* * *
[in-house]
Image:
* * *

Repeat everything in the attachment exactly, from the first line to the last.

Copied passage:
[in-house]
Image: